In the unpredictable world of automation, even the best engineered equipment can require occasional support. Typically, our customers have engineers on staff and we work closely with them to provide a strong framework for maintaining and supporting their equipment on a daily basis; however, there are many circumstances where our customers rely on us to help them service or support their equipment. This can be the result of last minute product design changes, process changes to fine-tune their manufacturing process or any other unexpected need for assistance.
This list gives you the pros and cons for various methods of integrator support…
- Pros: Because of the face-to-face interaction that results, this is often a customer’s default choice when it comes to support. When an engineer is there to look at the equipment and give a hands-on approach to the service, you may feel more confident they understand the problem and that they will be able to handle it appropriately. If you need to change the physical aspects of your machinery, this may be your best option.
- Cons: The peace of mind you get when an engineer comes to your site is sometimes offset by what it takes to make this happen in a timely manner. When you consider arranging travel, the expenses, and time it will take someone to visit your machine in person it can add up quickly. Before you decide on a field visit be sure to balance these advantages and disadvantages.
- Pros: Occasionally a component within a system will need service after being in production for years. This part needs to be replaced, but it doesn’t really require any changes to the engineering or tooling of the machine. In these cases, an integrator may leverage their relationship with the manufacturer’s company and arrange a representative to visit your site and help you install the new part. This can be a quicker and lower cost solution that ultimately gets you back into production faster.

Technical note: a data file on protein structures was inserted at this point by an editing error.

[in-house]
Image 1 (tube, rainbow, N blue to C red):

- Cons: Other times, you may know you need to make changes to your product or your manufacturing process; it isn’t just a component that needs service. In these cases, there could be some additional programming or debugging required in order to complete the changes you need. In this case, you may need a visit from the integrator.
- Pros: Remote support can be quick, affordable and effective. The integrator’s engineer can work with your staff on-site to allow access to your equipment and accomplish the debug remotely. This can help minimize the costs and usually get your equipment back up and running in the shortest time possible. Remote support can be effective for programming changes or adjustments, and perhaps debugging the issue at hand. With the appropriate hardware in place, the engineer can even see what is happening via a camera or video feed.
- Cons: If physical changes are required, you may still need resources on site. Additionally, there can be roadblocks to remote connectivity because of corporate policies or sufficient network access near the equipment.
Just like when you purchased your custom automation equipment, it’s important to consider the skill sets and costs associated with overseeing the operation of your equipment. Whether you are in the midst of a production shut down or just tweaking your process, there’s a range of support options available and knowing the pros and cons will help you make the best decision for you and your team.
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